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Mexican miners are challenging Sonora lawmakers over a proposed green tax, sparking fears of mine closures in the country’s biggest copper- and gold-producing state.


If enacted into law, the levies would target residue deposit and storage, soil, subsoil and water pollution, as well as atmospheric emissions. According to a popular sentiment in the region, this tax targets miners, though it is said to be applicable to any company whose activities adversely affect the environment.


In a release, Karen Flores, director of Camimex, Mexico’s mining chamber, said the taxes would render Sonora the most expensive mining jurisdiction in the world, effectively repressing investment, disrupting the state’s supply chains, closing mines, and resulting in thousands of layoffs. Flores added that the industry is already highly regulated.


The state of Zacatecas introduced similar taxes in 2017, prompting swift litigation from mining companies. However, the state has had little trouble defending its imposition of the taxes through the courts.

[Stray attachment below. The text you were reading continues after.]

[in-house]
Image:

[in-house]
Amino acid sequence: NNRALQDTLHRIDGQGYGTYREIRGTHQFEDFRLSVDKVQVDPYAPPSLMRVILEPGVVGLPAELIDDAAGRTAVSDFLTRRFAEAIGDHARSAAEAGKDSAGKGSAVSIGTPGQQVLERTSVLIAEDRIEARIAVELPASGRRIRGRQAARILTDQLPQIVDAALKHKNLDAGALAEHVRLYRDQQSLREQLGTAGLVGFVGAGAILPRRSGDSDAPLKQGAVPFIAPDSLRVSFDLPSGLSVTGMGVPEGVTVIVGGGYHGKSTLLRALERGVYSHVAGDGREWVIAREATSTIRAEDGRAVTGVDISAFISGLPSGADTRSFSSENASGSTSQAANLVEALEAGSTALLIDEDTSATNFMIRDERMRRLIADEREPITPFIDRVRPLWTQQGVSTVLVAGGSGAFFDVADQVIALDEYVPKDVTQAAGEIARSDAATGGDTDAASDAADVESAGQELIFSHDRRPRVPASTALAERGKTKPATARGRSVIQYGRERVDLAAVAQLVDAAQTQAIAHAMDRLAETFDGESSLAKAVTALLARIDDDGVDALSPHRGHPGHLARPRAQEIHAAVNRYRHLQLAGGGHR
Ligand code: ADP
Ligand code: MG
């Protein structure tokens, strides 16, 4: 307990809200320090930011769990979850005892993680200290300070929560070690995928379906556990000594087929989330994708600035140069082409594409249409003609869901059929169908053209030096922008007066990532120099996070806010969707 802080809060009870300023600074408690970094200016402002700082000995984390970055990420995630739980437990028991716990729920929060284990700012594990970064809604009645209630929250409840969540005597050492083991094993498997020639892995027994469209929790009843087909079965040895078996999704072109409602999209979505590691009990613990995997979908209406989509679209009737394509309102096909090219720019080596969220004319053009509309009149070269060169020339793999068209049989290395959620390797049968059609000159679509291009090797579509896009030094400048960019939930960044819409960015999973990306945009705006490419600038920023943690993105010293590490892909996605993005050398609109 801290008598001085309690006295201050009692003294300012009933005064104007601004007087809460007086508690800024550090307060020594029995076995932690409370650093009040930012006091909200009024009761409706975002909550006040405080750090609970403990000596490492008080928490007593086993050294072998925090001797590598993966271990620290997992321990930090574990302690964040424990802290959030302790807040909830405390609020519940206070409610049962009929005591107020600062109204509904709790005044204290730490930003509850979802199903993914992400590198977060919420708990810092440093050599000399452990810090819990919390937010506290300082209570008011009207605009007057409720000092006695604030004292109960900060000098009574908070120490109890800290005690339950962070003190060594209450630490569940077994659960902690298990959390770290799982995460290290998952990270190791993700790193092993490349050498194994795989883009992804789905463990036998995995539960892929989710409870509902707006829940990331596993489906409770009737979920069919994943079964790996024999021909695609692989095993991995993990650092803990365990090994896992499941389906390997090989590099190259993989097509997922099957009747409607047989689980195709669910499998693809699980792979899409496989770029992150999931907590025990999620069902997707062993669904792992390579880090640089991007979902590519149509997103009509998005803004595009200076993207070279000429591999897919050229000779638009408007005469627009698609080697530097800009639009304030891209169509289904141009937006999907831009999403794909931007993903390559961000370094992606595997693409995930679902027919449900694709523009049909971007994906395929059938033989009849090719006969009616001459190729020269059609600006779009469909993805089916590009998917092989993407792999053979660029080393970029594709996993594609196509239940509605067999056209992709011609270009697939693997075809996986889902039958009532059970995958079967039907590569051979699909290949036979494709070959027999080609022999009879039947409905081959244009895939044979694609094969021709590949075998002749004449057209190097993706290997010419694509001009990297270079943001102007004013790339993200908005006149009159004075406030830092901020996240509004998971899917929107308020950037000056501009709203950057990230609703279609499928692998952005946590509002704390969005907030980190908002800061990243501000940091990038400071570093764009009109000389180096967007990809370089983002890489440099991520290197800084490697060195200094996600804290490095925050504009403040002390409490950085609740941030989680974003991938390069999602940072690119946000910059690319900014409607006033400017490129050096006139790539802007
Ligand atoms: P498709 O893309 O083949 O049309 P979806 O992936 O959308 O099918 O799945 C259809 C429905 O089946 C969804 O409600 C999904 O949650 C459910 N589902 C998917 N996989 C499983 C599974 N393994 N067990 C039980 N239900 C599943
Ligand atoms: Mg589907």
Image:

Also at issue is the 7.5pc mining royalties—traditionally invested in local infrastructure projects—now being diverted to fund school improvements. The contentious green tax has already been earmarked to replace those lost funds. The mining industry in Mexico claims it is already heavily taxed and already pays a 30pc corporate tax, 7.5pc mining royalty, and 0.5pc special mining tax, along with a profit-sharing bond with workers. 






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